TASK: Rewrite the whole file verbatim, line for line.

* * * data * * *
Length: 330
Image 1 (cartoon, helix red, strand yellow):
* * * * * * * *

Length: 330
Image 1 (cartoon, helix red, strand yellow):